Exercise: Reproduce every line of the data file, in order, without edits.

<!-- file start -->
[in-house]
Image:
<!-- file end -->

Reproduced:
[in-house]
Image: